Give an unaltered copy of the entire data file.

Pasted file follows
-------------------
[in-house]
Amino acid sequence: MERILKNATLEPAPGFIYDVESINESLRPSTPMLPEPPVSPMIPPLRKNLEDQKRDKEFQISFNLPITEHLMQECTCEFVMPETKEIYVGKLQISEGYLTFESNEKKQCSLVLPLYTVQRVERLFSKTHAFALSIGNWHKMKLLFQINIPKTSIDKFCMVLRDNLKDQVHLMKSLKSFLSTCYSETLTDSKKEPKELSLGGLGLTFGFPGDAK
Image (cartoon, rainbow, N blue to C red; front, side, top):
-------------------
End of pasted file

[in-house]
Amino acid sequence: MERILKNATLEPAPGFIYDVESINESLRPSTPMLPEPPVSPMIPPLRKNLEDQKRDKEFQISFNLPITEHLMQECTCEFVMPETKEIYVGKLQISEGYLTFESNEKKQCSLVLPLYTVQRVERLFSKTHAFALSIGNWHKMKLLFQINIPKTSIDKFCMVLRDNLKDQVHLMKSLKSFLSTCYSETLTDSKKEPKELSLGGLGLTFGFPGDAK
Image (cartoon, rainbow, N blue to C red; front, side, top):